tackling-toxic-stress-series.gif


Tackling Toxic Stress,” a multi-part series of journalistic articles planned and commissioned by the Center, examines how policymakers, researchers, and practitioners in the field are re-thinking services for children and families based on the science of early childhood development and an understanding of the consequences of adverse early experiences and toxic stress.

The National Scientific Council on the Developing Child created the categories of positive, tolerable and toxic stress to help describe the body's stress response and its varied effects on health, learning, and behavior. 

Stories in the series describe how broader understanding of toxic stress has affected the programs and strategies of the American Academy of Pediatrics, the federal government, academic researchers, community agencies, and others. 

 

 

Pediatricians Take on Toxic StressPediatricians Take On Toxic Stress


A growing body of scientific evidence about the power of severe childhood stress to weaken brain architecture and damage lifelong health is prompting leading pediatricians to call for a seismic shift in pediatric primary care. The American Academy of Pediatrics (AAP), which represents 60,000 physicians, is planning a comprehensive public health strategy to identify and reduce toxic stress in their youngest patients. They see this not only as a way to improve their patients’ health across the lifespan, but also as a means of improving the nation’s health—and economy. Read more >>

 

 

Listening to a Baby's BrainListening to a Baby’s Brain: Changing the Pediatric Checkup to Reduce Toxic Stress


Listening to a baby’s heartbeat. Examining a toddler’s ears. Testing a preschooler for exposure to lead. These critical screenings have long been the hallmarks of early childhood checkups. Now, leading pediatricians are recommending major changes to the checkups of the future. The American Academy of Pediatrics (AAP) wants primary care doctors to screen their youngest patients for social and emotional difficulties that could be early signs of toxic stress. Read more >>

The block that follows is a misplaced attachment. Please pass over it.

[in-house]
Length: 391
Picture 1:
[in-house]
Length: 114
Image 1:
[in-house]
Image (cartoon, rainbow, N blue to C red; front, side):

Innovating in Early Head StartInnovating in Early Head Start: Can Reducing Toxic Stress Improve Outcomes for Young Children?


How can families in the most difficult circumstances be supported to give children the best chance to succeed? Federal administrators of the Early Head Start program for young children and families think addressing the sources of toxic stress may be the answer. Recognizing the potential benefits to society—and potential improvements in outcomes for the families they serve—the U.S. Administration for Children and Families (ACF) has launched a trailblazing research effort to find more effective ways to enhance child development in the nation’s poorest families. Read more >>

 

 

Using Science to Drive New Approaches to Child WelfareUsing Science to Drive New Approaches to Child Welfare


The federal Administration on Children, Youth and Families (ACYF), is seizing on the science of early childhood development to integrate social and emotional well-being into its longstanding emphasis on ensuring safety and permanent placements for children who may be experiencing abuse or neglect. To do so, officials at the highest levels are authorizing waivers from rules for states who qualify and making grants to state and local governments, universities, and community nonprofits willing to try to improve services in ways that not only minimize toxic stress but also generate lessons for the field. Read more >>

 

 

Pushing Toward Breakthroughs: Using Innovative Practice to Address Toxic StressPushing Toward Breakthroughs: Using Innovative Practice to Address Toxic Stress


Using the expanding scientific evidence about the long-term, damaging effects of toxic stress, a small but growing group of forward-thinking social service practitioners are trying innovative approaches that target its root causes and could lead to breakthroughs in the effectiveness of interventions—for both children and their caregivers. Read more >>

 

 


 


related-resources-760.gif